Do your property taxes seem unreasonably high? Unless you live in New Jersey, they could be worse.
The Garden State takes the dubious award for highest property taxes in the country, according to a survey by WalletHub, with the average property tax levy in that state a hefty $3,971 per year. Also near the top of the list are Illinois, New Hampshire, Wisconsin, Texas and Connecticut.
The typical New Jersey tax bill is more than eight times the average property tax bill in Hawaii, the state with the lowest property taxes, which clocks in at $482 per year. Hawaii is unusual in that it takes in so much tax revenue from tourists and tourism in the form of sales and excise taxes. But Louisiana and Alabama, next on the list, have average annual property taxes of $752 and $832, respectively, which is also just a fraction of a New Jersey tax bill.
It's not the first time New Jersey has topped this list. "New Jersey has always relied heavily on its property taxes," said Jill Gonzalez of WalletHub.
(Above infographic courtesy of WalletHub.)
New Jerseyans are concerned about their tax burden. A survey released in November by the Monmouth University Polling Institute found that half of its residents want to move out of the state at some point. Property taxes were the most commonly cited reason, followed by the general cost of living.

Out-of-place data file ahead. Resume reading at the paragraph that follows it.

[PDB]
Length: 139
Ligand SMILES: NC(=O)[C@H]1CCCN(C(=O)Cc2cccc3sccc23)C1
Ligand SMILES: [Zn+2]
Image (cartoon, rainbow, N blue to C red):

"Many New Jerseyans are saying, 'I don't think this is getting any better, so why don't I just pay with my feet,' " said Patrick Murray, director of the institute.
People in high property tax states have more reasons to worry. Several of those states also have more residents with high incomes—New Jersey and Connecticut were near the top of another survey measuring states' wealth—and taxpayers with high incomes and high state and local taxes are especially vulnerable to the alternative minimum tax, or AMT.
The AMT was designed to level the tax playing field and prevent wealthy taxpayers from using loopholes and deductions to avoid paying taxes. But because the income brackets for the tax were not permanently indexed to inflation until 2012, the reach of the tax kept extending, well beyond the ultrarich.
Even with the indexing, families who have high incomes but live in high-tax areas, such as New Jersey and Connecticut, are more likely to be hit by the tax, even though they may not feel especially wealthy.
There is a flip side to these high-tax burdens. States with high taxes tend to spend more on public services, such as schools, parks, and fire and police departments.
Alabama, which had the second-lowest property taxes, spent $8,813 per student on education in fiscal 2011, and Louisiana, with the third-lowest property taxes, spent $10,723, according to Census Bureau data. New Jersey, meanwhile, spent $15,968, and Connecticut spent $15,600.
Schools and parks are great to have, no doubt. But when the taxman cometh, there is a price to be paid.